(2) Any “lifeline provider,” including a local exchange carrier, may use any technology, or multiple technologies, within the provider’s service territory, except as otherwise required pursuant to the obligation of a carrier of last resort to provide basic service to any customer upon request, including any eligible customer.

SEC. 6.

 Section 873 of the Public Utilities Code is amended to read:

873.
 The commission shall annually do all of the following:
(a) Develop eligibility criteria for eligible customers to participate in the lifeline program. The commission shall not increase lifeline income limits from those in effect on January 1, 2013, except for an annual adjustment to reflect inflation based on changes to the United States Consumer Price Index for All Urban Consumers (CPI-U).
(b) Assess the penetration rates for the lifeline program by income, ethnicity, and geography. This information shall be annually reported to the Legislature by the commission in a document that can be made public.
(c) Not withstanding Section 10231.5 of the Government Code, not later than March 31 of each year, prepare and submit a report to the Legislature on the fiscal status of the lifeline program. The report shall be submitted in compliance with Section 9795 of the Government Code. The report shall include a statement of the lifeline program surcharge level and revenues produced by the surcharge, the size of the Universal Lifeline Telephone Service Trust Administrative Committee Fund, the reason for a decline or increase in the size of the fund, if applicable, an accounting of program expenses, and an evaluation of options for controlling those expenses and increasing program efficiency.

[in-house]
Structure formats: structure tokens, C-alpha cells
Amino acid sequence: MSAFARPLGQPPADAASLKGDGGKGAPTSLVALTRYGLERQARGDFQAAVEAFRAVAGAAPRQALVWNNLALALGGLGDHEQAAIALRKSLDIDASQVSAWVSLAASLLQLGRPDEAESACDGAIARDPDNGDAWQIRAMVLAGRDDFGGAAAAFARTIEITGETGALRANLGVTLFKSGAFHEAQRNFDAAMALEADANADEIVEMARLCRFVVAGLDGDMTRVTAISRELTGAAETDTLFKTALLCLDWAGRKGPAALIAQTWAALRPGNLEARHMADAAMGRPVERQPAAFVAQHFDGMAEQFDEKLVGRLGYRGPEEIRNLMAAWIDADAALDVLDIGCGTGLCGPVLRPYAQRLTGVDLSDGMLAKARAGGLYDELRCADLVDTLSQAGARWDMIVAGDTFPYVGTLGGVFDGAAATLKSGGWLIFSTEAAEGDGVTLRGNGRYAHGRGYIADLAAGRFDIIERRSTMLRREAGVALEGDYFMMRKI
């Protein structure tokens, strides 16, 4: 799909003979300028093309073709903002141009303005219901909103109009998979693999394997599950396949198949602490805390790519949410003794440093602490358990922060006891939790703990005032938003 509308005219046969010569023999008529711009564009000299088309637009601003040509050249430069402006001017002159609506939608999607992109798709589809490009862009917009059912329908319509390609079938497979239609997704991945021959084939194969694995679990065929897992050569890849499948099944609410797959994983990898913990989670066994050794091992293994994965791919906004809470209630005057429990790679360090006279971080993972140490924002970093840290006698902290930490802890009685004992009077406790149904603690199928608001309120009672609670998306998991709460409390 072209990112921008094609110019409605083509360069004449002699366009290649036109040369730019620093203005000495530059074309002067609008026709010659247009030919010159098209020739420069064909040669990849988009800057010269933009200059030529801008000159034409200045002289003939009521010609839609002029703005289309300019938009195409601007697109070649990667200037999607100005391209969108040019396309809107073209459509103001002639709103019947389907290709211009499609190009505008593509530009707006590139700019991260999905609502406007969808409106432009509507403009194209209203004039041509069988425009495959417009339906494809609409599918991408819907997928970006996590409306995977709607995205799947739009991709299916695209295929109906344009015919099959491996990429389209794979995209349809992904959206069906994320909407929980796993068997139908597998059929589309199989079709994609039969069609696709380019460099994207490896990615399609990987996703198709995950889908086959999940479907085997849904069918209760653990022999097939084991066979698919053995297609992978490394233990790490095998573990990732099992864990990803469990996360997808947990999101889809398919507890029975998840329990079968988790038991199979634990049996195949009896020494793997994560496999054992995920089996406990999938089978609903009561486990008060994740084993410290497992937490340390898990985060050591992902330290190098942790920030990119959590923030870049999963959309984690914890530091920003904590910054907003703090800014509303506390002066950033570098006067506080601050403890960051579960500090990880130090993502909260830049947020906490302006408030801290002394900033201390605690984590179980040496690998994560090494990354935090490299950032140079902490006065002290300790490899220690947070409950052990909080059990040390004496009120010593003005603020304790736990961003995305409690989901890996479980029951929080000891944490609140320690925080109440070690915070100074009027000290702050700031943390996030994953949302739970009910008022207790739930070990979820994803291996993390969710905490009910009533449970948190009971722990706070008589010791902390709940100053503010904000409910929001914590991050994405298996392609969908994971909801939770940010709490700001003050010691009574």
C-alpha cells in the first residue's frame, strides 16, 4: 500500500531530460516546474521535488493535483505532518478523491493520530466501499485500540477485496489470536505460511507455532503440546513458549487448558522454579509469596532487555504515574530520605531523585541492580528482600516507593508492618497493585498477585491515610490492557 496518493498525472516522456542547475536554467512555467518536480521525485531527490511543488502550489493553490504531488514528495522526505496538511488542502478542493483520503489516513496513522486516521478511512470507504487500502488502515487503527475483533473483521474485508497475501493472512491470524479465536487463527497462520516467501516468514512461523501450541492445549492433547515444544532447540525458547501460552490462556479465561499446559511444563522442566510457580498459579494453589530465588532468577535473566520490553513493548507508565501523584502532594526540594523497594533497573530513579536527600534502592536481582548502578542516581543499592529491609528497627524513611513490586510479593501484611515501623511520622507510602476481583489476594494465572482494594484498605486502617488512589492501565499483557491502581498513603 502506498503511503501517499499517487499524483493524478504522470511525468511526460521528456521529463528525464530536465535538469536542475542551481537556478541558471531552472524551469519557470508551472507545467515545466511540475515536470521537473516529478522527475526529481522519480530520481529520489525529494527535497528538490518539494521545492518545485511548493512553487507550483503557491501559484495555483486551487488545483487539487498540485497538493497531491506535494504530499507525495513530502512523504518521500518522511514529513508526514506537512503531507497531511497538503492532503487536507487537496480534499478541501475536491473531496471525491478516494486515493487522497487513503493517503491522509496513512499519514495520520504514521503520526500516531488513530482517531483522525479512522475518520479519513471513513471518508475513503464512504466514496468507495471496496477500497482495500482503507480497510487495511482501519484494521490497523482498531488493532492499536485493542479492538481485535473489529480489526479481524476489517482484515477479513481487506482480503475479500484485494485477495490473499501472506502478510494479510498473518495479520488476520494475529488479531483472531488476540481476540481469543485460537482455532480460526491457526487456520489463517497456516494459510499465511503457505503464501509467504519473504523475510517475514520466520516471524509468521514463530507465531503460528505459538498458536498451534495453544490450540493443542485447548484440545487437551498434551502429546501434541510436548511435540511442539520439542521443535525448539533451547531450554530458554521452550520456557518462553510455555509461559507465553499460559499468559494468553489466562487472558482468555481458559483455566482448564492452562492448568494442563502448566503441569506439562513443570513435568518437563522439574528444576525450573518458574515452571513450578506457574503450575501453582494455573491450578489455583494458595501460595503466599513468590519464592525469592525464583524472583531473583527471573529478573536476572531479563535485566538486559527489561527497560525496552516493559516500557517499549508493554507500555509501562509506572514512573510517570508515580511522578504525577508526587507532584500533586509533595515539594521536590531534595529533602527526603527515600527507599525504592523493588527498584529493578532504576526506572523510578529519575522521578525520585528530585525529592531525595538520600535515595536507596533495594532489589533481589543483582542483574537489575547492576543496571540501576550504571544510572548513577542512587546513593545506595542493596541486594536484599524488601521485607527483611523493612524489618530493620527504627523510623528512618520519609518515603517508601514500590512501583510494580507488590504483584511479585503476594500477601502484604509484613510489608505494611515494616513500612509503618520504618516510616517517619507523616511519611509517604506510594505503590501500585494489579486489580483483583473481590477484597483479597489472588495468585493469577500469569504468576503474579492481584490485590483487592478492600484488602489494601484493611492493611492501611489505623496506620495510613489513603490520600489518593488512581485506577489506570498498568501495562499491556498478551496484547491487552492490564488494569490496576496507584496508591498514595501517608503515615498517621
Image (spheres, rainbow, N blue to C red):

SEC. 7.

 Section 874 of the Public Utilities Code is repealed.

SEC. 8.

 Section 874 is added to the Public Utilities Code, to read:

874.
 (a) The commission may authorize a lifeline provider to be reimbursed pursuant to this section for commencing voice service for an eligible customer only if that provider is the customer’s carrier of last resort for basic service.